On “Looking Backward: 2000 to 1887” by Edward Bellamy

A couple of weeks ago, I posted about “The Sleeper Awakes.” At some point in that book, Graham (the protagonist) compares his situation to that described by Bellamy; and earlier in the book, when he is sound asleep and has only been asleep for a few decades at most, we see his friends talking about the same thing. Curious as I was upon reading that name I chose to google it. (I don’t quite remember exactly what I googled but it was probably something like “Bellamy Socialist Utopia Sleeper.”) I found out that there was a book by an Edward Bellamy called “Looking Backward: 2000 to 1887” in which a man sleeps for somewhere slightly above a century and, you guessed it, wakes up in a world vastly different from the one he slept in. I downloaded that book right away and made a mental note to read it after finishing “The Sleeper Awakes.”

A few hours ago, I finished reading “Looking Backward” and I thought I might as well write about it and throw in a few words about the similarities and differences between the two books. There are SPOILERS AHEAD so proceed at your own risk.  … 

 

Entropy of life

I know it’s kind of a weird title. I will promptly explain it. Have you ever been in one of those situations where you went ahead and did something without thinking twice only to later regret doing it and spend the next few days brooding over different ways to deal with all possible undesirable consequences of that course of action?

We often see situations like these in movies. I considered adding examples here from Harry Potter or The Flash or Infinity War but then I decided against it because I didn’t want to post any potential spoilers and because not everyone would be familiar with those scenes. Instead let me use a very general example: Something goes wrong and the protagonist(s) considers possible courses of action to take. In short, they form a plan that sounds completely nuts but they decide to do it anyway because it’s “the only way.” And all that while you’re just sitting there hoping that they’d see things your way because ot you there’s clearly another and better way but they can’t seem to think of it. Anyways, they go ahead and execute their plan only to screw up further and get themselves into a situation much worse than before and then the cycle starts again (or maybe not.)

Now that I am done typing that stupid example, I realize that it’s too general to be of any use. So let me use the example of time travel. Let’s say you have a regret. Years pass and you cannot get over it. Say you gain access to a time machine. You go back in time to fix it only to realize that you created a new world that’s equally undesirable. You try to figure out the point in time where this new world of yours went haywire and try to fix that. Again you screw shit up. Eventually you realized that you’ve messed it up to the point where it cannot be fixed. (There are actually movies about exactly this.)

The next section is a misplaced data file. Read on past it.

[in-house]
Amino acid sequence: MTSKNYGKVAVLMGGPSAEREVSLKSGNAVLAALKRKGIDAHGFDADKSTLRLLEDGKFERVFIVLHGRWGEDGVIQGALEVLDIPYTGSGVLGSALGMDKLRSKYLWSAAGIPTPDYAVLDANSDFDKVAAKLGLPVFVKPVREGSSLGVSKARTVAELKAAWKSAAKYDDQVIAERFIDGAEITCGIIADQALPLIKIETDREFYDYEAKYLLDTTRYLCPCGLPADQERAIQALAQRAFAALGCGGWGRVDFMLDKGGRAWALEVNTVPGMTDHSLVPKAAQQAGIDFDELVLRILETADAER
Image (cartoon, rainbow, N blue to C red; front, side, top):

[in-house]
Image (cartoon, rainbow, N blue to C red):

Have you ever met someone and gotten to know them really well only to end up wishing you’d never met them in the first place and thinking about how your life would have been so much better if you hadn’t? Or maybe you’ve at some point said something that you immediately wanted to take back and so you keep on thinking about different ways to explain yourself should someone bring it up again and you can’t help fearing that someone would hold it against you. But anything you say to cover it up could only make matters worse.

In short, what I mean to say is that things always get worse with time. The more the time passes the greater the number of things in your life that went wrong, the more secrets you have and the more people there are that know your secrets, the greater the number of people in your life that you watch out for e.t.c. and every lame attempt to fix any of it only creates more problems. Life only gets messier and messier and there’s no way to clean up that mess.

 

 

On “The Sleeper Awakes” – H.G. Wells

I don’t exactly remember how I discovered this book. But at least a couple of months ago, I came across the name, looked up the synopsis and downloaded it with the intention of reading it on the first chance. Less than a month ago, on a particular midnight, I was unable to sleep and having little to no desire to take up something educational, I decided to go through my collection of fiction. The H.G. Wells folder caught my eye and I opened it to reveal this book along with a couple of others. Remembering suddenly what it was about, I decided to start reading it.

Fun Fact: The first chapter was called “INSOMNIA.” Also adding that although I mean to not talk in detail about any events in the book, depending on your perspective, there may or may not be spoilers ahead so proceed with caution. … 

 

Explaining Savitar to a noob be like

Me: Hey, Tom Felton made an appearance in the Flash.

They: Who’s that again?

Me: Malfoy.

They: What does he play?

Me: Julian Albert. A CSI working with Barry. But sometimes he gets mind-controlled and takes on the mantle of “Alchemy.”

They: Who controls him?

Me: Savitar.

They: Who’s Savitar?

Me: Barry.

They: Who’s Barry again?

Me: Flash.

… 

 

Toggl’s “Building a Horse with Programming” comic explained

If you don’t know what this is about, you should first go and check it out.